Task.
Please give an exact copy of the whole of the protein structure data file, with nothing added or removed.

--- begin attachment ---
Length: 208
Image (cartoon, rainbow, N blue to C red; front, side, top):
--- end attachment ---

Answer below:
Length: 208
Image (cartoon, rainbow, N blue to C red; front, side, top):